Nick Harris 1

Tarrant County leads Texas in the number of babies that die before their first birthday. The JPS Health Network is launching some new programs to fight that grim statistic.

 

For every 1,000 babies born live in Tarrant County, seven will die before their first birthday.  Officials at JPS in Fort Worth gathered in the hospital’s prayer garden Thursday to remember infants who died before reaching one year old.

Hospital Chaplain Tyrena Hallett led the traditional moment of silence. Her brief comments before heads bowed illustrated the scope of the problem.

“With the loss that we’ve had in Tarrant County since 2007, we can fill 12 small kindergarten classrooms,” Hallett told doctors, hospital administrators and others gathered at the Swati Gandhi Memorial Prayer Garden.  “I don’t know what that awakens in you.  But what it awakens in me is the urgency to do something.”

Health officials say they’re seeing higher rates of obesity, diabetes, and high blood pressure among expectant mothers who come to JPS, the county hospital. Those can be serious risk factors for premature birth and low birth weight – two of the top causes of infant death. The mother’s poor nutrition, substance abuse, financial stress, and delayed prenatal care are also risk factors.

Wendy Burkholder says $8-10 million in new government money is allowing JPS to increase services for low income pregnant women: including what’s called a maternal home – a place for prenatal care and a lot more.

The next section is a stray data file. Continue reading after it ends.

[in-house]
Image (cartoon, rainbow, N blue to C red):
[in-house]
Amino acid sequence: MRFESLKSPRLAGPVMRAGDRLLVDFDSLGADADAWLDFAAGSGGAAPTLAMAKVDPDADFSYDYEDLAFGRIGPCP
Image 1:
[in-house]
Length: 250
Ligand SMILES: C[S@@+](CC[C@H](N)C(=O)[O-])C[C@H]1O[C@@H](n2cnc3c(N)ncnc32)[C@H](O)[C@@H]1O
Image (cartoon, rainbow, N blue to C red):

“They need linkages into social work, and linkages into case management and resources that they might now have had,” Burkholder says.  “So, there will be enhanced wrap around services that in the past there’s been limited funding for.”

For the first time, JPS is getting state money for family planning.  Burkholder says 53% of pregnancies in Texas are unintended and the new program expects to serve more than 3,000 low income women in Tarrant County.

And dental care will be offered to low-income expectant mothers for the first time.

JPS CEO Robert Earley wants to put the infant mortality issue on the community’s radar.

“It’s an issue that so many people are not aware of,” Earley says. “We cannot turn our backs or our eyes to this issue. It’s critically important.”

There have been four infant deaths this week, according to the Tarrant County Medical Examiner’s website data:  42 in the month of August.

Tarrant County Public Health is digging deep into data to uncover reasons for the high infant death rates in its Fetal Infant Mortality Review. 

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